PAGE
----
U.S. Senate leader backs repealing 'forever war' authorization

FILE PHOTO: U.S. Senate Majority Leader Chuck Schumer departs the Senate floor at the U.S. Capitol in Washington
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By Patricia Zengerle

WASHINGTON (Reuters) -Senate Majority Leader Chuck Schumer on Wednesday threw his weight behind an effort to repeal the 2002 Authorization for the Use of Military Force that allowed the war in Iraq, saying it would prevent "military adventurism" such as former President Donald Trump's 2020 airstrike on a Baghdad airport.

Schumer said he supported repeal legislation due for a vote in the House of Representatives on Thursday, and planned a Senate vote on a repeal sometime this year. The Senate Foreign Relations Committee said it would consider the AUMF repeal legislation at a meeting scheduled for next week.

Repeal "will eliminate the danger of a future administration reaching back into the legal dustbin to use it as a justification for military adventurism," Schumer said in remarks opening the Senate.

He noted that the 2002 AUMF was one justification Trump used for a Jan. 2020 drone strike on a Baghdad airport that killed Iranian commander Qasem Soleimani. The attack raised fears of war during the last days of the Republican's administration.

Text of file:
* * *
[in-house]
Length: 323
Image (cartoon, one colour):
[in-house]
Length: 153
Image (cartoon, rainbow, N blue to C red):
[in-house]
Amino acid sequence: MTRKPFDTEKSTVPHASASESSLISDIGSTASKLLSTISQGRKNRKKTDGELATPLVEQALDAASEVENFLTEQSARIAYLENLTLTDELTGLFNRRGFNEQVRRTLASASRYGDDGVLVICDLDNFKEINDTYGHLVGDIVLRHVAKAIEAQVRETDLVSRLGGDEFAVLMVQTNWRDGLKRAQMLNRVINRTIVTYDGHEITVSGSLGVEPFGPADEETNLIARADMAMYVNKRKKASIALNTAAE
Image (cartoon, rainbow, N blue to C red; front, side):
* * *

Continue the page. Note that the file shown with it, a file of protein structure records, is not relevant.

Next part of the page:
"There is no good reason to allow this legal authority to persist in case another reckless commander-in-chief tries the same trick in the future," Schumer said.

President Joe Biden's administration said on Monday it supported the repeal effort, boosting lawmakers' push to pull back the authority to declare war from the White House.

The U.S. Constitution gives the power to declare war to Congress. However, that authority has shifted to the president as Congress passed "forever war" AUMFs, which did not expire - such as the 2002 Iraq measure, and one allowing the fight against al Qaeda and affiliates after the Sept. 11, 2001, attacks.

A few lawmakers have pushed for years to repeal the authorizations. The current House effort was led by Democrat Barbara Lee, the only member of Congress to oppose the 2001 AUMF.

(Reporting by Patricia Zengerle; Editing by David Gregorio)

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